A parade of vintage glory: Mustang rally dazzles in the valley heat
In the northwest corner, Mustangs were gathered like the cool kids in high school and the low-riders situated behind them stood as their Danny Zuko-esque foil.
To their south were the custom rods, the wild children of cars. A truck resembling a World War II army transport truck stood next to what could only be described as a death mobile.
Inside the lone air-conditioned room, the Galpin Auto Sport showroom, the original Batmobile laid in wait, terrifying evil as it did in the 1966 show.
Those who passed over the proceedings on the 405 North overhead, hurtled over an organized orgy of steel, oil and rubber that was the 3rd annual Galpin Auto Show.
The free show, which drew thousands to the San Fernando Valley auto dealer, featured over 500 show cars from low riders, to rat rods and tricked out customs.
However, the star of the day was the Ford Mustang. Mustang of various model years lined the entrance to the show with multiple 1966 1/2 models making appearances, including one that was first sold at Galpin Ford in 1966.
For those who prefer cars of a more modern vintage, the 2015 Mustang made its public debut under the sweltering San Fernando Valley sun.
The new Mustang features 435-horse power and will be the first Mustang to have a global design.
“They have taken the best of European design with American muscle and blended them,” said Jeff Skobin, marketing manager of Galpin Ford.
The prevalence of Mustangs at the show highlighted the enduring allure of the first great American muscle car.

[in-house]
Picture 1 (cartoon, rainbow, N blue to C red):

"The big attraction was the body style in '64 1/2, the sporty look and that the price was reasonable in 1964. That's why they sold a million of those cars quickly," said Craig Cunningham, president of the Mustang Owners Club of California.
This year’s show was held in honor of George Barris, the legendary custom carmaker to Hollywood.
In addition to countless private custom cars, Barris is best known for the Batmobile used in the 1966 television series as well as the Munster Koach and Drag-U-La from the Munsters and later versions of KITT from Knight Rider.
One of the unique cars of the show was Mike Parente’s 1971 Ford Pinto, the “Disco Pinto.”
The car, covered in 23,000 mirrors over six months, draws attention both at the shows Parente enters it in as well as on the road.
“My biggest problem [on the road] is people driving up next to me trying to take selfies, and potentially crashing into me,” Parente said.
Throughout the day, masses flocked to the car, taking photos as they went. Skobin even set up an official shot with the Disco Pinto.
"I'm sure there are a lot of shows that [the Pinto] wouldn't be allowed at. For us, its about individualism and people showing their artwork," Skobin said.
For Parente, the pride of owning the Disco Pinto comes from what the car does for others.
"It's nostalgic, it's kind of funny and it's just different. It makes people smile," Parente said.